The American took more than two minutes off Anthony Costales’ stellar mark from 2023 as he clocked 7:30:18 and revealed afterwards that pretty much everything had gone to plan – even a two-and-a-half hour delay at the start due to snow storms.
Talking through his race on the excellent live Mountain Outpost broadcast, Hawks said: “The race started at 9:30, which is ideal for me. I usually do most of my runs around nine or ten and so it was perfect. I’m not a morning person, so I have a really hard time getting up too early.”
Leading from the front
Hawks was at the front of a big front group from the start to the first aid station, which he said was a deliberate tactic: “It was really sloppy for about 10 miles or so. I made a decision at the start that I was going to go to the front because I just didn’t want to have to fight the mud – I wanted a clear path and to be able to see exactly where I wanted to go.
“I felt like if I was sitting behind everybody, I might have to hurdle some people. I might be more likely to fall or have mud kicked up on me. And I think it worked out pretty well. I was able to get through it without falling or having any serious issues.”
As the race wore on Hawks took control – and no one was now able to stay with him – but his incredible time didn’t come as a huge surprise.
He added: “I was just running my own race. I kind of had an idea of what I thought I could run.
I knew that I was in course record shape. I wanted to run sub 7:30. I didn’t quite get it, but I got close enough.
“I knew I could win the race. Like I said, I knew I could break the course record. I knew I was in shape to do that. And so I knew that if I stuck to that game plan, if somebody were to beat me, they were going to have to break the course record as well.
“And that’s pretty challenging to do, especially a course record like Anthony Costales set last year. Anthony is a good friend of mine and he set a really stout course record that I was able to chase after all day and so I knew that, yeah, if I stuck to that plan, more than likely I would get the win. But you never know.”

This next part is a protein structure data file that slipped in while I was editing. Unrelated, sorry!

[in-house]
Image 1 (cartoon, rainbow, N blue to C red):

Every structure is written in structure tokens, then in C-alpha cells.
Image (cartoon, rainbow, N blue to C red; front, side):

‘I guess it’s kind of a comeback’
There was one moment of drama late on when Hawks realised he had to kick if he wanted the new course best as he revealed: “I ran into some friends and they were like, you’re about 30 seconds off the course record. And I was like, oh, shoot, come on. Because last time I ran this race in 2020, I missed the course record by, like a minute, I think. And I was like, not again. I’m not going to do that again. And so I really just pushed it that last mile, jumped a pretty fast mile and was able to sneak under the course record.”
The magnitude of Hawks’ performance was brought home by the fact that his winning time in 2020 was 7:55:33 compared to this 7:30:18 – but above all what shone through was his delight to be racing again.
He signed off by saying: “I think a lot of it, too, was, it’s been a long time since I’ve raced, and it just felt so amazing to be able to do what I love to do and do it at the highest level.
“And I was just like, man, I’m going to give it everything I got. I’m going to finish strong because I can. I can do that now. And I wasn’t able to do that in the past. I think I ran a complete race. It might have looked like I ran a really strong last 20, but it didn’t really feel like it. It more felt like I was just holding on. But that gap just kind of kept getting bigger, which was very surprising to me because it didn’t necessarily feel amazing.
“I’ve been doing this for eight years but I guess it’s kind of a comeback because I didn’t even know if I was going to be able to do this six weeks ago. To be honest with you, six months ago I was like, yeah, there’s no way I’m going to run Black Canyon. So it’s a comeback but, at the same time, I do think that I know what I’m capable of and I was able to show it out there.”
Asked how he felt physically after crossing the line, he added: “The quads hurt the most. I mean, they’re pretty banged up right now. Maybe I need to do some more downhill training, and I will before Western States, of course. But I think the biggest thing was we went out pretty fast on that first 20 miles, and that was a lot of downhill there.”